Mr Thomson said he had received a great number of letters since he came to this city, not only giving him advice how to proceed,  but holding out great hopes of his ultimate success. It was impssible that he could answer all these, he took this opportunity of returning his thanks to the writers, and he could assure them that he would endeavour, as far as possible, to carry out their suggestions. (Applause.)

A venerable father of the Free Church stated that if the money was to be sent back, it would not be done by yielding to clamour. Now, he (Mr Thompson) remembered well – it was not so long ago – (cheers) – when Dr Chalmers was as clamorous as any one – (cheers) – and did not hesitate to combine, and agitate, and clamour, through every city and town in Scotland, for the attainment of a great moral object. (Applause.) Let not the Free Church think to put down this agitation by any such means. He had been told that it was resolved on to try their strength on this point; and that they were prepared to say – ‘We won’t send back the money’ at the bidding of clamour, or at the bidding, or because of the unwarranted interference, of a third party. He was old enough to remember greater thanings than that being accomplished against as strong and powerful a body as that clerical triumvirate who were attempting to lord it over the public opinion of the people of Scotland. (Cheers.)

He remembered the time when Catholic Emancipation was carried by popular opinion – when the Test and Corporation Acts Repeal was carried against a majority of Churchmen – when the emancipation of the slaves was carried in the face of the West India interest – when the Reform Bill was passed triumphantly – and at the present moment they see almost abolished the whole system of the Corn laws. (Loud cheers.)

If the force of public opinion, therefore, was able to subdue to its mighty power, the influential party called the West India interest – the boroughmongers of the empire – and even the landed aristocracy of England, surely they need not despair of its influence being felt by Drs Chalmers, Cunningham, and Candlish. (Loud cheers.) Although they did attempt to stem the tide of opinion, he believed there was still as much manly spirit in the Free Church itself as would snap the manacles which this clerical triumvirate were fruitlessly endeavouring to impose on the minds of the adherents to their cause. (Loud cheers.)

Mr Thompson then proceeded, at great length to criticise the conduct of Dr Chalmers in regard to this matter; and contrasted his preface to his last pamphlet, – ‘The Economics of the Free Church,’ with certain opinions promulgated by him on a previous occasion.

At the close of his address, the meeting, which was a most enthusiastic one throughout, separated.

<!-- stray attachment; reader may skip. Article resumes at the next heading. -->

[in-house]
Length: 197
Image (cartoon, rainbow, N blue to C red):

Edinburgh Evening Post, 6 May 1846; reprinted Caledonian Mercury, 7 May 1846

AMERICAN SLAVERY. – A fourth meeting was held on Friday evening in the Music Hall, which was crowded to excess in every quarter. Mr Thompson, in opening the proceedings, stated that arrangements had been entered into for the purpose of placing before the public, in a cheap form, a complete recording of the proceedings of the deputation in Edinburgh and Glasgow; and concluded by introducing to the meeting Mr Frederick Douglas, the run-away slave, who, in a long and eloquent address, pointed out the horrors of American slavery, and declared that if the Free Church were to send back the money, it would go far to strengthen the hands of the American abolitionists, and to send slavery reeling to its grave. Mr Thompson then shortly addressed the meeting; and said that although Drs Chalmers, Cunningham, and Candlish did attempt to stem the tide of public opinion on this subject, he believed that there was still as much manly spirit in the Free Church itself as would snap the manacles which this clerical triumvirate were fruitlessly endeavouring to impose on the minds of the adherents to their cause.

Scotsman, 6 May 1846


  1. On Thompson’s interest in India see, Zoë Laidlaw, ””Justice to India – Prosperity to England – Freedom to the Slave!”: Humanitarian and Moral Reform Campaigns on India, Aborigines and American Slavery’, Journal of the Royal Asiatic Society of Great Britain and Ireland 22.2 (2012): 299–324 (309–24); Michael Fisher, Counterflows to Colonialism: Indian Travellers and Settlers in Britain 1600–1857 (Delhi: Permanent Black, 2004), pp. 285–8; and Blair B. Kling, Partner in Empire: Dwarkanath Tagore and the Age of Enterprise in Eastern India (Berkeley: University of California Press, 1976), pp. 167–78
  2. The resolution was approved at a meeting of the Aggregate Committee of the Evangelical Alliance in Birmingham in March 1846: see Whyte, ‘Send Back the Money!’, p.120; Richard Blackett, Building an Anti-Slavery Wall: Black Americans in the Atlantic Abolitionist Movement, 1830–1860 (Ithaca: Cornell University Press, 1983), p. 97.
  3. In a notorious speech at a meeting of the Repeal Association in Dublin on 11 May 1843, Daniel O’Connell declared his intention to refuse ‘blood-stained money’ from pro-slavery Repeal groups in the United States. The speech was reported in the Liberator, 9 and 30 June 1843, and in the British and Foreign Anti-Slavery Reporter, 9 August 1843.